Good news for those that use their Health Saving Account (HSA) new contribution limits have been raised for 2014 as follows:
- Contribution limits 2013 Individual: $3,250 Family: $6,450
- Contribution limits 2014 Individual: $3,300 Family: $6,550
- Catch-up contributions $1,000 for an account holder age 55 or older
What is an HSA? It simply stands for Health Savings Account. It is a tax advantaged medical savings account for United States tax payers who are enrolled in a high deductible health plan (HDHP). Traditional health plans have lower deductibles than HSA’s. Optical services and optical correction products qualify. The funds contributed to the account are not subject to federal income tax at the time of deposit. Unlike a flexible spending account (FSA), funds roll over and accumulate year over year if not spent. HSAs are owned by the individual, which differentiates them from the company-owned Health Reimbursement Arrangement (HRA) that is an alternate tax-deductible source of funds paired with HDHPs. Funds may be used to pay for qualified medical expenses at any time without federal tax liability.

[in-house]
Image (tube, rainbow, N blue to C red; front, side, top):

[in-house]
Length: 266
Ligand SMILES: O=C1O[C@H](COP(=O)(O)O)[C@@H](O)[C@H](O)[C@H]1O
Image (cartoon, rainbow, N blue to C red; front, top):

Because HSA’s are individual owned rather than company owned, many self employed people or those without company health coverage are best served by this type of account. I picked this because I was able to lower my monthly premium and it offered a tax saving. Why are HSA’s good for Optical? Optical services and products are qualified medical expenses provided they are for optical correction. Many optical patients may not be aware of this so it is good idea to ask if a patient has an HSA account if they do not have company provided insurance. They may not know that they can use their HAS account for Optical products and services.